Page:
Will Menu Calorie Counts Help Whittle America’s Waistline?

Nov 7, 2014, 2:00 PM

By Sheree Crute

Maricelle Ramirez is a foot soldier in America’s battle against obesity. For three years, Ramirez has politely offered Boston area patrons of McDonald’s, Kentucky Fried Chicken, Burger King, Dunkin’ Donuts, Wendy’s and Subway a $2 gift card in exchange for their estimates of the amount of calories in their fast-food feasts.

“I’ve met all types of people,” Ramirez says, recalling the surprise of encountering a nutritionist who was on her way out of McDonald’s after chowing down on a burger and fries. “She explained that she was just enjoying a meal because she had a craving for something indulgent, but she provided a very careful nutritional analysis of what she was eating.”

At the other end of the spectrum was an older woman leaving Kentucky Fried Chicken with a drumsticks-to-mashed potatoes spread for her family who confessed, “I don’t know much about the calorie content of the food, but it would really make a difference for me and my family if I had more information.”

Fast Food: The American Way

As summer fades and people ramp up their schedules for work and school, they are also likely to increase their consumption of foods they can pick up on the fly. A 2014 poll by the company 72 Point reported that Americans spend $1,200 a year on fast food primarily because “they are too busy to make a meal at home.”

Gallup reports that eight in 10 Americans eat fast food at least once a month, so Robert Wood Johnson Foundation (RWJF) grantees Jason Block, PhD, and Peter Ubel, MD, decided to investigate just how much fast-food fans know about what they are eating.

“We wanted to learn how well people did when it to came estimating the calories in their meals and whether placing calorie counts on menus would encourage them to eat healthier,” explains Block, an RWJF Health & Society  Scholar (2007-2009) who led the research team guiding Ramirez’s on-the-street interviews.

Ubel, a 2007 recipient of an RWJF Investigator Award in Health Policy Research, took the calorie question one step further by trying to determine if people were able to accurately interpret menu calorie counts.

“The whole point of publishing the calorie count is to inform consumers, but it’s tricky when you are dealing with customizable foods,” Ubel says, referring to menu items such as pizza and burritos where the calorie count depends on how many ingredients customers request.

Block and Ubel ultimately hope to assess the value of Section 4205 of the Patient Protection and Affordable Care Act. It mandates menu labeling (the regulations are still under review) at eateries offering standardized meals. In its explanation of Section 4205, the Food and Drug Administration reports that “some studies show that people consume fewer calories when menus have calorie counts displayed.”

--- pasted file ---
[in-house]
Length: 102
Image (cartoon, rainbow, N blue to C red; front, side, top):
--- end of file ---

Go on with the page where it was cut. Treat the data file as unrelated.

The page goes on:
However, there are several studies, including a 2010 analysis conducted at Duke Medicine, that find menu labeling to have “no impact on [food] purchasing behavior” at fast food chains.

Mixed Results

To advance the debate, Block analyzed the data collected by Ramirez and others on his team and discovered that “adolescents underestimated their meals by about 250 calories. Adults were off by about 175 calories on average, but one quarter thought their meals had nearly 500 calories less than they actually contained,” he says.

“People also underestimated more at Subway than any other chain, we suspect because they think the food is healthier and therefore lower calorie. But ultimately, Block concludes that menu labeling could encourage some consumers to eat healthier and give more thought to what they consume. More importantly, he suggests that as a result of menu labeling, restaurant chains might offer more low-calorie options.

Block and his co-researcher Christina A. Roberto, PhD, a 2012-2014 RWJF Health & Society Scholar, discuss their perceptions in a September 3, 2014, commentary in JAMA, “Potential Benefits of Calorie Labeling in Restaurants.”

The Great Burrito Boondoggle

Ubel’s approach was to look at whether restaurants were presenting calorie information in a way that was clear to consumers. “Our findings suggest that labeling may change consumer behavior as well as the restaurant’s practices,” he says.

His findings were reported in “How Many Calories are in My Burrito? Improving Consumers’ Understanding of Calorie Range Information” in the April 2014 issue of Public Health Nutrition.

Ubel’s team asked patrons of the Chipotle chain if they knew what was included in the restaurant’s lowest calorie burrito—the option marked “vegetarian” and 410 calories.

Of course the chain’s customer’s had no idea that the 410 only referred to a burrito that contained pinto beans, not the guacamole, sour cream and other goodies that most people added before getting to the cash register. The actual burrito was somewhere around 650 calories.  

Does Public Calorie Counting Matter?

Block, Ubel and other public health researchers may never be able to calculate the exact impact of menu labeling, but they are confident that there is some value in encouraging healthier behavior on the part of fast food consumers and restaurateurs.

“The new policy is likely an important step toward improving the public’s eating habits,” Block says. Ubel adds: “Restaurants will also have to change. They will either have to make healthier versions of their entrees or accurately explain what’s in a meal.”

This commentary originally appeared on the RWJF Human Capital Blog. The views and opinions expressed here are those of the authors.